In rare cases, you may experience more adverse effects from taking this medication.You should call 911 or go to the ER right away if you experience any of the following:

  • Seizures
  • Yellowing in the whites of your eyes, which may be a sign of liver issues
  • Hypomanic symptoms like hallucinations, bursts of sudden anger or euphoria, excitement, extreme agitation or irritability and  restlessness  
  • Worsening suicidal thoughts or thoughts of self-harm

Some people are allergic to duloxetine and, in extreme cases, it’s possible to have a serious allergic reaction. If you’re having trouble breathing, breaking out into hives, or feeling a tightness in your throat, go to the ER right away.

Cymbalta vs. other medications

Other common SNRIs used to treat anxiety and depression include Pristiq (desvenlafaxine) and Effexor (venlafaxine). These medications come in different doses, have slightly different side effects, and can be used to treat different symptoms. For instance, Pristiq, and Effexor may raise your blood pressure while duloxetine may worsen existing liver problems. If you’re worried about any specific side effects or have allergies, always remember to tell your doctor. They’ll guide you through your options based on any concerns you have.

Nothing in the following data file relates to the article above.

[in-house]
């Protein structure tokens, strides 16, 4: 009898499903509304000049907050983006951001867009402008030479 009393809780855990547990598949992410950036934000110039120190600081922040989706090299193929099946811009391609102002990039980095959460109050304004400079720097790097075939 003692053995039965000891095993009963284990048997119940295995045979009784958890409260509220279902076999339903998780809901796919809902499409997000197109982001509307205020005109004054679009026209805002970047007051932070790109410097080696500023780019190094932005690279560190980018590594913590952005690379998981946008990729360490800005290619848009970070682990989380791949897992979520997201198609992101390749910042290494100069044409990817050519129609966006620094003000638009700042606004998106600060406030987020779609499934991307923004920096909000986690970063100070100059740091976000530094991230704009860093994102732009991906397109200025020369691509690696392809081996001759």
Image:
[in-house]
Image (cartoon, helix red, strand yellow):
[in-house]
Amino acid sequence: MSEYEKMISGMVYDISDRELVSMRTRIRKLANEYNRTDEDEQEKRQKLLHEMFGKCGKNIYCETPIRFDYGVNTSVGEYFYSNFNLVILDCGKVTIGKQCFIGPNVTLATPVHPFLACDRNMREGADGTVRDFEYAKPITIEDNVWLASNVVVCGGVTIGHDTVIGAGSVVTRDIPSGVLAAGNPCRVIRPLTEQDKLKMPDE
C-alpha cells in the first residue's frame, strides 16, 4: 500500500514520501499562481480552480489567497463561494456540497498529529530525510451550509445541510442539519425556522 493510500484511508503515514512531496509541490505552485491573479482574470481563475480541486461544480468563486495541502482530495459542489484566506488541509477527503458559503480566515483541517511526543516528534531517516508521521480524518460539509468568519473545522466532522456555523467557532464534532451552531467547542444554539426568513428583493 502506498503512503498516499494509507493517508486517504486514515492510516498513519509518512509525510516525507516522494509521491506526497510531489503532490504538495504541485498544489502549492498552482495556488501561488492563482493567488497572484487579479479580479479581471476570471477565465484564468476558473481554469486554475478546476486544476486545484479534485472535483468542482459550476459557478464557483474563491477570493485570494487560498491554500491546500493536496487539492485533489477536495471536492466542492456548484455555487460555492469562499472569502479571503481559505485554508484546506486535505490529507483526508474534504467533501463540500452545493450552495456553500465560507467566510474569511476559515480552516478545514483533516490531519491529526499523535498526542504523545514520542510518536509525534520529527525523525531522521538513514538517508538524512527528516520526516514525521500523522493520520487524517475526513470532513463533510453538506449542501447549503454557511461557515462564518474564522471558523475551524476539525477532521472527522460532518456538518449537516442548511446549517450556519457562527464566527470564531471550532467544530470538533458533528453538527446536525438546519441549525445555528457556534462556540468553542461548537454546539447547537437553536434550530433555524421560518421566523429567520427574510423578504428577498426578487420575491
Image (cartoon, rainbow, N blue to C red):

SSRIs are another class of antidepressant that can also help with anxiety. They’re prescribed more often because they tend to be less likely to cause side effects than some SNRIs. Common SSRIs include Celexa (citalopram), Lexapro (escitalopram), Prozac (fluoxetine), Paxil (paroxetine), and Zoloft (sertraline).

Your psychiatrist will help you choose between the different types of anxiety and depression medication. Some medications have interactions, and a health care provider will take that into account when discussing your treatment options. Make sure to tell them about any medical conditions you may have and whether you’re pregnant or breastfeeding to narrow down treatment options to what is best in your situation.

Is Cymbalta good for depression and anxiety?